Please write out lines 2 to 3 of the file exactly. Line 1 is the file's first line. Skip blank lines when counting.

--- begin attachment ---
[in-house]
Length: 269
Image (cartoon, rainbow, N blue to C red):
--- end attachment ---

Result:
Length: 269
Image (cartoon, rainbow, N blue to C red):